Dignity to the very end
Dying Matters is a coalition of 32,000 members across England and Wales which aims to help people talk more openly about dying, death and bereavement, and to make plans for the end of life.
Membership is free, and offers range of benefits:
· Support in running local campaigns and events, including communications tools and resources
· Play a role in helping improve end of life care by helping people feel more comfortable talking about death and dying
· Free weekly e-newsletter drawing highlighting the best and most up to date resources relating to end of life issues
The Dying Matters coalition – which involves over 30,000 individuals and organisations – each year commissions an opinion poll. It’s partly to help us find interesting items to help generate press coverage, and partly to see if we are hitting our targets for behavioural and attitudinal change. But there are also some things we are interested in, so we ask.
One of the questions we asked in 2016 asked people to rank various factors in order of importance regarding their own end of life care. About a third of people rank being pain free as most important for a good death, followed by being with family and friends. In third, with 17%, was retaining your dignity. And retaining your dignity was the most popular second choice, picked by one in five.
There are interesting variations with age. Being pain free becomes more important to people as they get older, being most important for 29% of 18-24-year-olds by 34% of the over 65s, while being with family and friends is more important the younger you are. But retaining your dignity retained its position as the most picked second choice across the age groups. While the meaning of dignity may change for us as we grow older, we all seem to know what we mean by it, and how important it is for us.
Too many people are not treated by dignity and respect
But another question asked people if they think dying people in Britain are treated with dignity and respect. Only 31% feel they are; 50% feel they are not. Again, there’s a massive change with age. Only 37% of 18-24-year-olds feel the dying are not treat with dignity, but this rises to 62% of the over 65s.
Similarly, the annual VOICES survey of recently bereaved people found that only about six in ten who had lost a loved one in a hospital setting felt that the dying person was always treated with dignity and respect.
So being treated with dignity is clearly an important factor for people when they think ahead to their own death, but we feel that it doesn’t happen as well as it should. Clearly, retaining your dignity, and being treated with respect, is something we should expect as the norm in all situations, not just at end of life. You only die once
I go to my local corner shop two or three times a week, and the library at least twice a month. If the staff are rude or disrespectful, I have a sense of whether this is a one off. I get my car serviced annually, and if the staff are rude I can find another garage. But I’m only going to die once, and so there’s only one chance to get it right. Dying is not something we generally look forward to anyway, but, as shown by our surveys, there are aspects of it we want to be right. Worrying that they won’t be only makes the fear of dying worse.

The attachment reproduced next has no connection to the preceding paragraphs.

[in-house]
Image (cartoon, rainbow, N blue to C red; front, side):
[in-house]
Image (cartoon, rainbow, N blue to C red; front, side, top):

We also know from research that if someone we love has a “good death” – however defined – it is easier for us to mourn, and to move on in grief to remembering the person we loved. But a bad death, including a sense that the dying person is not being treated with dignity and respect, lingers in the memory and can prevent us from grieving properly. We never get over the death of someone we love, but it is possible to learn to live with it, and a bad death gets in the way of this.
This isn’t just about staff, who are often overworked and under unimaginable pressure, and who also have to deal with the emotional impact of seeing patients they care about reaching the end of their lives. It isn’t just about where we die, and it isn’t just about the process.
Ambitions for good end of life care
What it is about was set out in a document called Ambitions for Palliative and End of Life Care, produced by a coalition of charities and medical bodies.
Two of the six ambitions are most relevant here. The first is the very first in the list: Each person is seen as an individual. This means that it is the individual’s choices that matter; that they are part of honest, informed and timely conversations about their health; and that each person gets to decide what matters most to them.
The second is: All staff are prepared to care. The skill, care and dedication shown by medical staff is amazing overall, but there are others. All staff – all – need to be sensitive, caring and empathetic. This might be the canteen or maintenance staff in a hospital, drivers, cleaners: all staff.
Words and documents alone won’t solve the issue, but the Ambitions Framework sets out what we should be aiming for. All of us will die. Most of us will care for someone we love as they die. Many of us could be involved in supporting someone we know as they lose someone they love. We all need to make our own wishes known if we want them to be followed.
Dame Cicely Saunders, founder of the hospice movement, said “you matter because you are you, and you matter to the end of your life.” We can’t accept second best in end of life care.
For more information on Dying Matters, please see www.dyingmatters.org or call 020 7697 1520